Chip & pin


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P

peterwn

Now, let's look at this logically. If indeed it is possible to 'clone'
chip and pin cards then use them in ATM's, this would now be a very
serious problem. The crook would still need the PIN, and theoretically
this could be extracted in the 'cloning' exercise.

But the scenario is this - the professor made a purchase with the card
- it got nicked and was used in a couple of nearby ATM's within
minutes. So it has the makings of a low tech fraud - other
explanations seem implausible. So look for the simplest possible
esplanation - someone in the shop saw him enter the PIN, nicked the
card then used it in ATM's before it could be reported.

Banks will bear some such losses depending on circumstances. Assuming
he was not in the habit of losing cards or going into overdraft, the
bank IMO was being excessively mean in this instance - especially as
he took immediate steps to report the loss.

A bank in such cases need to balance the cost of 'reimbursing'
customers in such cases with the benefit of retaining loyal and
valuable customers.
 
M

Mark Goodge

Now, let's look at this logically. If indeed it is possible to 'clone'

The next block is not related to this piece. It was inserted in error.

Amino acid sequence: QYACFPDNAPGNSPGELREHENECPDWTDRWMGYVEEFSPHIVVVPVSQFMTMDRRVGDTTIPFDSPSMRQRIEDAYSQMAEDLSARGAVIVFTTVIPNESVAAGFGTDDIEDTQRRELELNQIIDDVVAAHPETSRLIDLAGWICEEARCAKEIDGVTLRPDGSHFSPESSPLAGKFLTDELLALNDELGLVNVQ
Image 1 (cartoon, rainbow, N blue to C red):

chip and pin cards then use them in ATM's, this would now be a very
serious problem. The crook would still need the PIN, and theoretically
this could be extracted in the 'cloning' exercise.
The card wasn't cloned, in this case. It was the actual, stolen card. But
that's not relevant to this particular form of attack.
But the scenario is this - the professor made a purchase with the card
- it got nicked and was used in a couple of nearby ATM's within
minutes. So it has the makings of a low tech fraud - other
explanations seem implausible. So look for the simplest possible
esplanation - someone in the shop saw him enter the PIN, nicked the
card then used it in ATM's before it could be reported.
If you read the article, that is not the scenario at all. The professor had
made no purchases with his card prior to it being stolen:

The fact that he did not use either card in Paris prior to the theft,
rules out the possibility he had been "shoulder surfed" – and had the pin
read prior to the snatch.

Mark
 
P

peterwn

The card wasn't cloned, in this case. It was the actual, stolen card. But
that's not relevant to this particular form of attack.


If you read the article, that is not the scenario at all. The professor had
made no purchases with his card prior to it being stolen:

  The fact that he did not use either card in Paris prior to the theft,
  rules out the possibility he had been "shoulder surfed" – and had the pin
  read prior to the snatch.
I was referring to the instance in the BBC article which rabbited on
about high tech frauds then gave an instance which had all the
appearances of a low tech fraud. Things are a bit confusing since both
victims were professors. There is no apparent explanation about the